Commedia dell'Arte Criticism: Texts And Authors - Essay

Joseph Spencer Kennard (essay date 1935)

(Literary Criticism (1400-1800))

SOURCE: Kennard, Joseph Spencer. “Goldoni and Gozzi—Decay and Death of the Commedia dell'Arte.” In Masks and Marionettes, pp. 76-96. New York: Macmillan, 1935.

[In the following essay, Kennard maintains that the plays of Carlo Goldoni represent the apex of the commedia dell'arte and were marked by wit and a concern for reform. By contrast, Kennard paints Goldoni's rival, Carlo Gozzi, as a jealous reactionary who loved the pure commedia dell'arte yet despised the common people who performed and watched the popular comedy.]

In the Piazzetta dei Mercanti in Venice, halfway between the Rialto and the Merceria, close to the Riva where the daily...

(The entire section is 6510 words.)

Marvin Theodore Herrick (essay date 1960)

(Literary Criticism (1400-1800))

SOURCE: Herrick, Marvin Theodore. “The Commedia Dell'Arte and Learned Comedy.” In Italian Comedy in the Renaissance, pp. 210-227. Urbana: University of Illinois Press, 1960.

[In the following essay, Herrick compares the plays and practices of the improvisational and scripted theatres, finding evidence that the commedia dell'arte borrowed many of its plots from the commedia erudite.]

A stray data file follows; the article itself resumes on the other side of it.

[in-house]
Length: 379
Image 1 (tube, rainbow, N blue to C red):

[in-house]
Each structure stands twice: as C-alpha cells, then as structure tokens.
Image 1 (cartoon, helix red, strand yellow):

The learned comedy never reached a wide audience in Italy, for it was confined to the larger towns and even within these larger towns to a limited audience of educated people who could relish a literary performance as well as slapstick. Outside of Italy the learned comedy...

(The entire section is 6861 words.)

Felicity Firth (essay date 1978)

(Literary Criticism (1400-1800))

SOURCE: Firth, Felicity. “Comedy in Italy.” In Comic Drama: The European Heritage, edited by W. D. Howarth, pp. 63-80. London: Methuen, 1978.

[In the following essay, Firth compares the literary comedy of Renaissance Italy with the popular commedia dell'arte, suggesting that the latter is characterized by a strong focus on the skill of the actor.]

In the fifth century bc Epicharmus of Syracuse, writing on Italian soil the earliest recorded comic pieces, made up a play about the currently fashionable philosophy of Heraclitus. All is flux, Heraclitus is said to have said, life is a continual becoming, nobody is the same man today as he was yesterday. In...

(The entire section is 8463 words.)

Richard Andrews (essay date 1993)

(Literary Criticism (1400-1800))

SOURCE: Andrews, Richard. “Improvised Comedy.” In Scripts and Scenarios: The Performances of Comedy in Renaissance Italy, pp. 169-99. Cambridge: Cambridge University Press, 1993.

[In the following excerpt, Andrews discusses the bases for improvisation in the commedia dell'arte, providing examples of the short and long frameworks in which actors could create scenes.]


In 1567, the Duchy of Mantua was visited by two competing theatre companies, both including women: one was actually directed by an actress whose stage name was ‘Flaminia’, and the other run jointly by a ‘Pantalone’ (possibly Giulio...

(The entire section is 13187 words.)